Last month, I turned 33 and just a few days ago, my oldest child turned 16. With each passing birthday comes growing pains, even for adults. I am trying to find a healthy balance between cool, yet firm parent. I never want my boys to think that they can’t come to me with issues. However, I also want them have that healthy fear of knowing that I am not so far removed from pop culture that I am clueless about what’s going on in their worlds.
As my teen and I continue to figure out this song and dance, I realize that a lot of my conversations with my him have hovered around this simple truth:
“I’ve been your age before. I know better. Trust me.”
There are so many things I wish I had known at 16. I wish the truths that I try to impart into my boys had been imparted to me when I was their ages, especially 16-year-old me. My mom did the best she could with my four siblings and myself but may things I learned were the result of good old ignorance and insecurity. I’ve learned a lot since I was 16 and decided to reflect on some of the highlights in a letter to my 16-year-old self.
Here goes. Brace yourself.
Right now you are 16 and think that you have this whole life thing figured out. You have some awesome friends, freedom to do as you please, and the admiration of quite a few boys. Life is good.
But you don’t know everything. Actually, the amount of things you know about life are pretty small in comparison to how big this world is. When you are 33, you are going to look back at you life and realize that many of the things you thought you knew, you really don’t.
The friends you have now are just that. Friends for now. Unfortunately, by the time you graduate high school and go off college, that will signify the end of many friendships you thought would last forever. There is nothing wrong with that. As you grow, your attitude and perspective on life will change and you will have to adjust your circle of influence accordingly. You will end up meeting some of the most amazing people ever. They will love you, dirty secrets, flaws and all. They will laugh and cry with you. They will let you have your pity parties when you need to but will call you out when you have been there too long. Those friends will be lifers.
The boys that you will meet will say everything you want and need to hear. Because your father was never there to affirm your beauty and your worth as a child, you may feel the natural desire to seek out that affirmation in other men. Learn and understand just how beautiful, smart, funny, and valuable you are right now so that you don’t have to crave that same validation from a young man who is looking for his own method of validation. You are worth more than sex and butterflies feelings. You really are. One day, you will look up and realize you actually want to get married and you will. It may take a while in your mind but someone will tell you that you wont be single a day longer than God intends for you to be (thanks Charity). And you wont so don’t rush it.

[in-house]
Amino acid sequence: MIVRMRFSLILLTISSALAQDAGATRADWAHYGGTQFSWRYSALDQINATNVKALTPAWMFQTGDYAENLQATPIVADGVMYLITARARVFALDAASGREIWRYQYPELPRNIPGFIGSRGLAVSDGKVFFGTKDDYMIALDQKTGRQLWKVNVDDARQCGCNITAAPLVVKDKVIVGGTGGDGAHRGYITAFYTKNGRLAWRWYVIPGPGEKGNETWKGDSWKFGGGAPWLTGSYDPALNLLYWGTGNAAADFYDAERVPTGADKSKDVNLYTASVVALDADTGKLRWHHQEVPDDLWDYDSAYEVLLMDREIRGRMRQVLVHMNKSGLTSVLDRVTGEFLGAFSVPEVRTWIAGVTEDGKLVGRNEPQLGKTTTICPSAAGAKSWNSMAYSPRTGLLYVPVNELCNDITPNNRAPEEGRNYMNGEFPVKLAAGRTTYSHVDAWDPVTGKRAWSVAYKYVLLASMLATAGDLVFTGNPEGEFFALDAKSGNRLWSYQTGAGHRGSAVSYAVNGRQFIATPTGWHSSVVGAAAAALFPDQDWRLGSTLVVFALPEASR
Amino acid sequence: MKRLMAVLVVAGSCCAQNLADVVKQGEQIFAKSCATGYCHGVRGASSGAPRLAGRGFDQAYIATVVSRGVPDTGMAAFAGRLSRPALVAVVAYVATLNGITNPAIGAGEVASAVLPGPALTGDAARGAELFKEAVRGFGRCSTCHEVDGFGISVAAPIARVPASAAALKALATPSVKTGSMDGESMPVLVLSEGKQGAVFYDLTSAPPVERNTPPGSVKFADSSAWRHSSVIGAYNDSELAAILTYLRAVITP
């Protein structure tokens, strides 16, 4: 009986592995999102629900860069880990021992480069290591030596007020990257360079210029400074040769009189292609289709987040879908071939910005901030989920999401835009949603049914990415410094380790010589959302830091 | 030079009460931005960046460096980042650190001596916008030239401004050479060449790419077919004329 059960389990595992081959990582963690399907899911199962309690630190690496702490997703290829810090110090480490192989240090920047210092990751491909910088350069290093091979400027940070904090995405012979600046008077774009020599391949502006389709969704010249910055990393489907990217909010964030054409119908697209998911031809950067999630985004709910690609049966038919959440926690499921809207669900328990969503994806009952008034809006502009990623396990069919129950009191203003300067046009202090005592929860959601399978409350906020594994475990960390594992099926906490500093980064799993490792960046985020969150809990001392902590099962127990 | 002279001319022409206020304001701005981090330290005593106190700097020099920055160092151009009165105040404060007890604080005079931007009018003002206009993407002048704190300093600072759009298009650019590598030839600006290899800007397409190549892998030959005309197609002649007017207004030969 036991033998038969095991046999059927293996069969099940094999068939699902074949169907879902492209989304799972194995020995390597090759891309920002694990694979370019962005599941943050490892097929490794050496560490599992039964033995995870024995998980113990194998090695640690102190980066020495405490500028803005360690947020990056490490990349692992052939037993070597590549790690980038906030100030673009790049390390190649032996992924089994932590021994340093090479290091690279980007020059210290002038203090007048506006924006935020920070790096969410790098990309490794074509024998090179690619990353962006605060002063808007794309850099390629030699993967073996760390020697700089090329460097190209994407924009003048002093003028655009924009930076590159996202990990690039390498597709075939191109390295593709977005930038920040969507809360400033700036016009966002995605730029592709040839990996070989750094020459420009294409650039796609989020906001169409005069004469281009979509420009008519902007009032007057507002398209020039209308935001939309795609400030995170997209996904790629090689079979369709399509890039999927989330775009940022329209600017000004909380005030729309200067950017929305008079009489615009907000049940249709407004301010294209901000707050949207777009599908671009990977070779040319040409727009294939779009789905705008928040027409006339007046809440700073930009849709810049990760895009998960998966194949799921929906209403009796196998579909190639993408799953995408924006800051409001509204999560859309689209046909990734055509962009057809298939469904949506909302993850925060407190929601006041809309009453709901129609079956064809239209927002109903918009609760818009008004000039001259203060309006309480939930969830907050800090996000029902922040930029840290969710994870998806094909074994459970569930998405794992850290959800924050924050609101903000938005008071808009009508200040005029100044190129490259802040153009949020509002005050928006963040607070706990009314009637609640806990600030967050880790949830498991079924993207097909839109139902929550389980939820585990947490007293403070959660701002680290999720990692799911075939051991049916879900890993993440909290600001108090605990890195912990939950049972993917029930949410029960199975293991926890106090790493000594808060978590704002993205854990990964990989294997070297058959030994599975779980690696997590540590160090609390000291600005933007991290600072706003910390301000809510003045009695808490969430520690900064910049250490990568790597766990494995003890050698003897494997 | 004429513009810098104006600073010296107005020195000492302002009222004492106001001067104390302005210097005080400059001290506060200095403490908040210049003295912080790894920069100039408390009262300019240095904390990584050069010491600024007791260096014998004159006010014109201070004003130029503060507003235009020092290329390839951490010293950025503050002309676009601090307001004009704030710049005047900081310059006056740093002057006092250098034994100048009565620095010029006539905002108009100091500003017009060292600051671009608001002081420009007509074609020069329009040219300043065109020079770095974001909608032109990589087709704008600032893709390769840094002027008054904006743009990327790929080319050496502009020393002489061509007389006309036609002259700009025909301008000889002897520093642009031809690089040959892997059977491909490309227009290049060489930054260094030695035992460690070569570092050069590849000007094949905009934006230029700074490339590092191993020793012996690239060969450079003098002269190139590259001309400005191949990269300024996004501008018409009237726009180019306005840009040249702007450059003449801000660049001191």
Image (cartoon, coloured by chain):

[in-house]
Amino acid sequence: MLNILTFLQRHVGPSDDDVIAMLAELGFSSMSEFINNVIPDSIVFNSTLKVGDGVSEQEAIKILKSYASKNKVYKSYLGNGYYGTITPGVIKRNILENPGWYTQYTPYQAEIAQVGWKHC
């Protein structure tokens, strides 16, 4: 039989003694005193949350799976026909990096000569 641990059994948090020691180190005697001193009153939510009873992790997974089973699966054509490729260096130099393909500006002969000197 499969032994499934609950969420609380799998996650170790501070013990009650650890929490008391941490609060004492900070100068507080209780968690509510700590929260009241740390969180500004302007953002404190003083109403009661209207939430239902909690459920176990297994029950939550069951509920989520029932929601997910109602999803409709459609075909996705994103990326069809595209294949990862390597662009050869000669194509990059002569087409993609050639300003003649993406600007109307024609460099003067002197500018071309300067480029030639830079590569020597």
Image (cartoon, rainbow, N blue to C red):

Before you graduate high school, apply for every scholarship under the sun so that you don’t have to take out loans in when in college. It’s not worth it to spend the next 30 years paying off loans for a degree you probably wont use. When it comes to picking a major, be brave and go after what you think is scary and not just what is safe. You really like science and want to work for the CDC. Go for it and don’t look back. Psychology sounds interesting and it is but unless you plan to go get your masters degree and get licensed to practice, a psych degree is pretty worthless. Oh and when you get to Ole Miss, stay out of Kincannon Hall. Sneaking out of the boys dorm is never sexy.
Never take your siblings for granted. Right now, they get on your last nerve, but eventually you will all leave home and it will take years to get you all back in the same place at the same time again. You will need each other more than you realize as you get older.
Never stop writing. Writing for you just seems like something that comes kinda easy and nothing to take too seriously. Just know that your writing really is a gift. Everyone can put one word in front of another, but not everyone can create sentences and paragraphs that will pierce hearts. You can. Write everyday, even when you don’t want to. That discipline will come in handy in the future.
Develop a relationship with God. A real one. Not just the one you are used to which is confined to a couple of hours on Sunday. Read your bible (there are other versions easier to read that your King James version). Learn about prayer, God’s heart, and ask for signs and wonders. God is real. Realer than your mind can understand right now but He is. He will always chase after you, even when you don’t want Him to. You will get yourself into some sticky situations but He will be there to get you out because you mean that much to Him. There will come a day where you will ask God to show you that He is real and He will. Get ready because it will take your breath away.
Lastly, life won’t always go as you have it planned out but it will work out as it should. Right now, you are 16 with dreams of escaping the projects to conquer the world. Yet, by the time you are 17, you will be a mom of the most awesome little boy ever. You will feel a mix of emotions and want to give up sometimes, but you wont. You will still graduate high school (with honors), you will still graduate from college. Your have a desire to succeed despite what happens along with God’s grace will carry through many dark days. That little boy will teach you about love, sacrifice and the truth that every mom will feel like a failure at some point. But you aren’t. You will makes LOTS of mistakes but you will be okay.
33 year old you.
If you could write a letter to your 16-year-old self, what would you tell yourself?